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[Feeling lost and scared] Elective C-Section

(28 Posts)
dolly1234 Thu 24-Aug-17 12:48:27

Hi ladies,

This is my first time posting on this forum, and I am somewhat of an imposter. The reason being, I am not yet pregnant!

My husband and I are ready to start a family in the very near future, but there is a problem.

I don't want to go into great detail, forgive me. However, I need to have an elective c-section. A natural birth is simply not an option for me.

As a teenager, I was raped. Due to a variety of reasons, that makes a natural birth absolutely impossible for me. I have had support, therapy, counselling etc. over the years and am generally doing well and in good mental health.

However, thinking about family planning and giving birth has caused a lot of emotions to resurface, and I have resumed counselling with a therapist specialising in rape survivors. She is wonderful and, knowing the full circumstances and having explored options with me, she completely understands my need for an elective c-section and inability to cope with a natural birth. My husband is supportive of this.

I have spoken with my GP, who has told me that psychological reasons can warrant an elective c-section, but "it depends on who you speak to". I have asked to speak with an obstetrician or midwife, but referrals are not made until I actually fall pregnant.

I need to know before I fall pregnant if I can have a c-section.

If I were to fall pregnant and then be told I must have a natural birth, I would be in a completely impossible situation. I would not want to terminate a very much desired pregnancy. And I could not have a natural birth.

It seems that access to maternity professionals only happens once you fall pregnant.

My husband and I are now in "limbo" because we will not start trying to conceive unless we know I can have a c-section. Our backup plan is adoption, and we would need to start that process fairly soon.

I would so appreciate any advice. Who can I speak with? What can I do?

Any pointers in the right direction would be so appreciated.

I hate that such an exciting time, planning for a baby, which should be filled with joy and hope... is actually dominated by this horrible incident that happened so many years ago. I hate that it affects what should be a wonderful time. I am losing sleep and am so worried about this. I am desperate to be a mother and my husband is being patient with me, but we need to move forward with this.

I am keen to find out what my options are. As my GP was not very helpful, I am turning to the people that surely know best - you!

OP’s posts: |
DuggeeHugs Thu 24-Aug-17 13:26:02

Your fear is totally understandable after your previous experience flowers

I can't imagine a consultant forcing you to undergo a VB in these circumstances. However, there is a specialist NHS clinic in London, which was set up to help women who've been through experiences like yours, with pregnancy and birth: www.mybodybackproject.com/our-maternity-clinics/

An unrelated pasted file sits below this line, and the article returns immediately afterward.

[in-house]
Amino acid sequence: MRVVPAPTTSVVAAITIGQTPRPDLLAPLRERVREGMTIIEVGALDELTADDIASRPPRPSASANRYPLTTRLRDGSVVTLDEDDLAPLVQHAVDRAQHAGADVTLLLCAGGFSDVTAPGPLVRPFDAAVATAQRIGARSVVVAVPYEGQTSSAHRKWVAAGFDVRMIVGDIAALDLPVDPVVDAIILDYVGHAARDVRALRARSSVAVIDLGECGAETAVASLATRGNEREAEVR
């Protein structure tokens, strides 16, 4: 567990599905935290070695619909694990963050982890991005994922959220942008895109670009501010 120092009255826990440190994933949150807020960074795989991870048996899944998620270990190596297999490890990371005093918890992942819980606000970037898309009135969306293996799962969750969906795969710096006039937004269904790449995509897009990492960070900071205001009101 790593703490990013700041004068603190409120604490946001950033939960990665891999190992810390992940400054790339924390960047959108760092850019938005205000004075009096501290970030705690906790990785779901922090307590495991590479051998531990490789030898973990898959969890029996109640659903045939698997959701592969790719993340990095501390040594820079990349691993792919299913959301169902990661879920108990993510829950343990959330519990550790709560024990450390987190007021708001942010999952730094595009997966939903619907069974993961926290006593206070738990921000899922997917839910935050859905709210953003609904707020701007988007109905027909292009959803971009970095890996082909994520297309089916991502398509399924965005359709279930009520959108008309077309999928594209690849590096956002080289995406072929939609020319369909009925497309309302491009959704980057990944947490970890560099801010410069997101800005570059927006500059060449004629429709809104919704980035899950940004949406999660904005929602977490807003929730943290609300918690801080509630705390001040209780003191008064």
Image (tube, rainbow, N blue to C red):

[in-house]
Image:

Perhaps contact them now to see what help, support and reassurance they can offer? Although based in London I understand they see women from across the country.

Good luck - I hope all goes well for you smile

Pigface1 Thu 24-Aug-17 13:37:16

I think that - simply due to the structure of the NHS - you aren't going to get any pre-conception guarantees that you will get a c-section.

My understanding is that the NHS does do elective sections at maternal request but that in some cases you have to push very hard for them and you have to jump through a number of hoops, show you understand the risks involved with major surgery, etc.

The poster above has mentioned about the Body Back project - they may be able to help. You obviously need to consider why you think an elective section will help. Without meaning to upset you, any pregnancy is going to involve - for example - vaginal exams. A section won't change that.

Of course another option is paying to go privately at eg the Portland or the Lindo. Then you would be guaranteed to have an elective section if you wanted one, but I think it costs £15,000 - £20,000.

DuggeeHugs Thu 24-Aug-17 14:05:12

Pregnancy and childbirth do not have to include vaginal examinations - you do not have to give consent for these procedures.

I've just had my second child and went through the entire pregnancy and birth (ELCS) without any vaginal checks being undertaken. The only thing they did do was insert a catheter during the CS, but this wasn't until the spinal anaesthetic was working so I didn't feel it at all.

Perhaps make a list of your concerns, if you can, and use this as a start point for conversation with either the project or maybe a counsellor prior to conception, to give yourself the most time to get to grips with your fears and hopefully begin to feel some control of the process.

dolly1234 Thu 24-Aug-17 14:07:38